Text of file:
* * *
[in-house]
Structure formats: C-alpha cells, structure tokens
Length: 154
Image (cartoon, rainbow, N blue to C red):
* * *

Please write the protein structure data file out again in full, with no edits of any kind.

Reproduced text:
[in-house]
Structure formats: C-alpha cells, structure tokens
Length: 154
Image (cartoon, rainbow, N blue to C red):